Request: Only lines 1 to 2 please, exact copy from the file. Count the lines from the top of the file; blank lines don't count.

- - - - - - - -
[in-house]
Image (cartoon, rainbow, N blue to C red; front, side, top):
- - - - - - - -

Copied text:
[in-house]
Image (cartoon, rainbow, N blue to C red; front, side, top):